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September 9, 2016

Filed under: tech»web

Classless components

In early August, I delivered my talk on "custom elements in production" to the CascadiaFest crowd. We've been using these new web platform features at the Seattle Times for more than two years now, and I wanted to share the lessons we've learned, and encourage others to give them a shot. Apart from some awkward technical problems with the projector, I actually think the talk went pretty well:

One of the big changes in the web component world, which I touched on briefly, is the transition from the V0 API that originally shipped in Chrome to the V1 spec currently being finalized. For the most part, the changeover is not a difficult one: some callbacks have been renamed, and there's a new function used to register the element definition.

There is, however, one aspect of the new spec that is deeply problematic. In V0, to avoid complicated questions around parser timing and integration, elements were only defined using a prototype object, with the constructor handled internally and inheritance specified in the options hash. V1 relies instead on an ES6 class definition, like so: class CustomElement extends HTMLElement { constructor() { super(); } } customElements.define("custom-element", CustomElement);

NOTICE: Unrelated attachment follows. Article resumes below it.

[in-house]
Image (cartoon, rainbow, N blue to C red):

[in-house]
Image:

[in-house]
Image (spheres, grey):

When I wrote my presentation, I didn't think that this would be a huge problem. The conventional wisdom on classes in JavaScript is that they're just syntactic sugar for the existing prototype system — it should be possible to write a standard constructor function that's effectively identical, albeit more verbose.

The conventional wisdom, sadly, is wrong, as became clear once I started testing the V1 API currently available behind a flag in Chrome Canary. In fact, ES6 classes are not just a wrapper for prototypes: specifically, the super() call is not a straightforward translation to older inheritance models, especially when used to extend browser built-ins as it does here. No matter what workarounds I tried, Chrome's V1 custom elements implementation threw errors when passed an ES5 constructor with an otherwise valid prototype chain.

In a perfect world, we would just use the new syntax. But at the Seattle Times, we target Internet Explorer 10 and up, which doesn't support the class keyword. That means that we need to be able to write (or transpile to) an ES5 constructor that will work in both environments. Since the specification is written only in terms of classes, I did what you're supposed to do and filed a bug against the spec, asking how to write a backwards-compatible element definition.

It shouldn't surprise me, but the responses from the spec authors were wildly unhelpful. Apple's representative flounced off, insisting that it's not his job to teach people how to use new features. Google's rep closed the bug as irrelevant, stating that supporting older browsers isn't their problem.

Both of these statements are wrong, although only the second is wrong in an interesting way. Obviously, if you work on standards specifications, it is part of your job to educate developers. A spec isn't just for browsers to implement — if it were, it'd be written in a machine-readable language like WebIDL, or as a series of automated tests, not in stilted (but still recognizable) English. Indeed, the same Google representative that closed my issue previously defended the "tutorial-like" introductory sections elsewhere. Personally, I don't think a little consistency is too much to ask.